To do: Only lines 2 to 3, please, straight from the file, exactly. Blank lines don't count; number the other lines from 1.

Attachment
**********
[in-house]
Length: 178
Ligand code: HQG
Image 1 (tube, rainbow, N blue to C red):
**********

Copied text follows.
Length: 178
Ligand code: HQG